ESPE Abstracts (2018) 89 P-P2-348

Revisiting the Diagnosis: Next Generation Sequencing (NGS) Identifies Concurrence of PAIS in a Previously Reported Case of Klinefelter Syndrome (47,XXY) with Hypospadias

Zainaba Mohameda,b, Stephanie Allenc,b, Kirsten McKay Bounfordd, Jan Idkowiake,b, Caroline Godberf, Harish Chandrang, Liam McCarthyg, Trevor Coleh,b, Jeremy Kirka,b & Nils Kronei,a


aDepartment of Paediatric Endocrinology, Birmingham Women’s and Children’s Hospital NHS Foundation Trust, Birmingham, UK; bCentre for Endocrinology, Diabetes and Metabolism, Birmingham Health Partners, Birmingham, UK; cWest Midlands Regional Genetic Service, Birmingham Women’s and Children’s Hospital NHS Foundation Trust, Birmingham, UAE; dWest Midlands Regional Genetic Service, Birmingham Women’s and Children’s Hospital NHS Foundation Trust, Birmingham, UK; eDepartment of Paediatric Endocrinology, Birmingham Women’s and Children’s Hospital NHS Foundation Trust, Birmingham, UK; fDepartment of Clinical Psychology, Forward Thinking Birmingham, Birmingham Women’s and Children’s Hospital NHS Foundation Trust, Birmingham, UK; gDepartment of Paediatric Urology, Birmingham Women’s and Children’s Hospital NHS Foundation Trust, Birmingham, UK; hWest Midlands Regional Genetic Service, Birmingham Women’s and Children’s Hospital NHS Foundation Trust, Birmingham, UK; iAcademic Unit of Child Health, Department of Oncology & Metabolism, University of Sheffield, Shefield, UK


Background: Klinefelter syndrome (KFS) is a sex chromosomal disorder characterised by hypogonadism, progressive testicular failure, gynaecomastia and learning difficulties. Genital anomalies are rarely observed in KFS. Androgen insensitivity has been previously postulated, but not proven to cause genital ambiguity in KFS. Androgen receptor (AR) gene defects are reported in AIS, but have not been reported in children with KFS with mild hypospadias. We describe a novel p.Phe795Tyr (c.2384T>A) mutation in the AR gene affecting two male siblings of which one had concurrent KFS.

Case report: Case 1: A term infant born to consanguineous parents of Asian origin presented with penoscrotal hypospadias, bifid scrotum and bilateral palpable testes at birth. Investigations showed normal electrolytes and androgen profile. Chromosome analysis revealed 46,XY karyotype. Molecular analysis of the AR gene was performed using a NGS 32-gene DSD panel platform, and DNA sequencing revealed a novel hemizygous mutation p.Phe795Tyr (c.2384T>A) in the AR gene.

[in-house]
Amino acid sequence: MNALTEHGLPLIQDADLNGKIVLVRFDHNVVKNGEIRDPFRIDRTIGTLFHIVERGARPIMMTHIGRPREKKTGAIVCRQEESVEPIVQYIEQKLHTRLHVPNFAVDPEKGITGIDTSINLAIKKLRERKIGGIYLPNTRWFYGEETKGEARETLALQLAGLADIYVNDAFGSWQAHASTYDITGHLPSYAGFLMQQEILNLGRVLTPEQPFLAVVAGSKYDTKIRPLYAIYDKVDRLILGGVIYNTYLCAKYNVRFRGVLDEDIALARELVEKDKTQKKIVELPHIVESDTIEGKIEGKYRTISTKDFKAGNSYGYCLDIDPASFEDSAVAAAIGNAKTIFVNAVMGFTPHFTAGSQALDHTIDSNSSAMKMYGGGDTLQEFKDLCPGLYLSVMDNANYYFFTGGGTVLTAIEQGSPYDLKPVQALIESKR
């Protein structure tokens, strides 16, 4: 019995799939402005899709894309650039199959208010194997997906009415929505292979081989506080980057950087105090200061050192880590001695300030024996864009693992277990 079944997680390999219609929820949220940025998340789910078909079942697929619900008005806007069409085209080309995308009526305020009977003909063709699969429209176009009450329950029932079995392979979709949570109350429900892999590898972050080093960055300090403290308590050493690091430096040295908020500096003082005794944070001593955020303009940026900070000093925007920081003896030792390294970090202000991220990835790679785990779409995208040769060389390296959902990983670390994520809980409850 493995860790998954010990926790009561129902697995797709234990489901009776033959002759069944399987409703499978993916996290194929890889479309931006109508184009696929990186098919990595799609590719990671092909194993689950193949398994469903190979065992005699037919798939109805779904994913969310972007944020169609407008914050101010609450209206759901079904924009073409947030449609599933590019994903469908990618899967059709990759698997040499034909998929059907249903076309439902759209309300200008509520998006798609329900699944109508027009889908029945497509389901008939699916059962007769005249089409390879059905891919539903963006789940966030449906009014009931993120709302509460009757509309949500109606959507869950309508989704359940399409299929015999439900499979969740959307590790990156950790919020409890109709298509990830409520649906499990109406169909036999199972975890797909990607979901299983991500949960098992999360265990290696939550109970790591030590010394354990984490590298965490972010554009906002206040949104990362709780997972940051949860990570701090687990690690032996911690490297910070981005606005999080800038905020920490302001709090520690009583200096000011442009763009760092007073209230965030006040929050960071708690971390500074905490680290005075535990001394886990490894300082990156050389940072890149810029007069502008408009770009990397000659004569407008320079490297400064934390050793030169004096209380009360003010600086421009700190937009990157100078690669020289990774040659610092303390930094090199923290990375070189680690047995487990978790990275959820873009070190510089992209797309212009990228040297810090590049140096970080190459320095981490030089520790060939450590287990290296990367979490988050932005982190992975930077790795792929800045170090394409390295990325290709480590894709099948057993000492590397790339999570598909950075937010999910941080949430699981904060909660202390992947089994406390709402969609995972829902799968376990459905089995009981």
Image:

Case 2: The older sibling presented with genital ambiguity (mild hypospadias and micropenis) at birth. Chromosome analysis diagnosed KFS (47,XXY) which was considered to account for his hypospadias. He underwent surgical repair at 1 year of age. The gonadotropins were elevated. This case was previously reported as association of genital anomalies in KFS. The finding of AR gene mutation in his brother (Case-1) triggered molecular genetic analysis. The same hemizygous missense variant p.Phe795Tyr (c.2384T>A) in the AR gene was identified as in his brother, confirming partial androgen insensitivity syndrome (PAIS). This mutation has not been previously described in the literature. The PAIS phenotypes of these two siblings suggest that normal AR is partially functional. Furthermore, X-inactivation studies conducted showed a random X inactivation pattern with no evidence of skewed X-inactivation in case-2. The X-inactivation status is confirmed only in lymphocytes, which may not be representative of other tissues. Given that the variant was identified in both the index Case-1 and his affected brother (Case-2), this increases the likelihood that the variant is the cause of the clinical features of undervirilisation seen in this family. Despite the use of dihydrotestosterone gel to enhance penile growth, there was limited clinical response. He further received adequate psychology input to support his emotional well-being.

Conclusion: This report emphasizes the importance of considering concurrent finding of PAIS in KFS with ambiguous genitalia. It also highlights the significance of NGS panel in revisiting the diagnosis of DSD.